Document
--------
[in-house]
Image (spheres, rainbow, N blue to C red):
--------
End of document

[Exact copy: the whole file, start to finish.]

[in-house]
Image (spheres, rainbow, N blue to C red):